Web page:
No, you won't eliminate mistakes. But you might be able to catch the most important ones. It's important to be conscious of what you are doing and look for ways of doing it more safely.
Identify risky endeavours. You can't be on your guard every second of the day - but everyone makes tiny errors all day long. Most mistakes can be fixed effortlessly, so get better at noticing when something has the potential to go wrong in a way that can't be so easily fixed. Any communication with a client, any deployment to a site, any global change to a document, etc.
Question what you are doing. Do you understand what you are doing, why, and how? Can this be done more safely? Are you sure it is better to do it than not do it?
Pause before going ahead with risky endeavours. Don't send an email without checking recipients, subject, content, and attachments. One by one. Take your time. Sending a quote for Client A to Client B could lose both clients. Better to spend a minute or so checking it through. Don't be tempted to rush, even in an 'emergency'.
Have a recovery plan. Know in advance what you will do if something goes wrong. Prepare so that if you do need to rectify your mistake, you can do it quickly - but without rushing. How will you know if you did something wrong? Is there a way to find out sooner?
Document anything that has many steps. If you have documentation, follow it like a checklist so you can tell if it's good enough or if it's outdated, incomplete, or faulty. Even if you only do it once - before you write your report, write a list of all the things that need to go in.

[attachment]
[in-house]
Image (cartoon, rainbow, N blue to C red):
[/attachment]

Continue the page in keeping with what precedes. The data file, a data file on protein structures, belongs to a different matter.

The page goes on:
Track to-dos especially if forgetting is a problem. Anything you need to do and aren't doing right now should go in there. Track them all in once place and keep going back to your to-do list. Don't rely on post-it notes folded up and stashed in your back pocket.
Automate wherever possible. If you have a list of five things to type in, can you write a programme to do those five things and then you only have one thing to get wrong? If you are making software, can you run automated tests to pick up when you introduce bugs? Do you aim for 100% coverage? Do you test with the goal of breaking your code? Do you have continuous integration so you don't have to worry about forgetting to run tests?
Ask for a second opinion if you are doing something risky that you can't verify and can't easily recover from. It's a common practice for software that code is always tested by someone else before being accepted.
Learn. Every mistake made is an opportunity to revise the process.
Take care of yourself. Find time during the day to clear your mind and have a few minutes of silence or relaxation. Before work, after work, lunch breaks, etc. Get enough sleep. Eat regularly and healthily.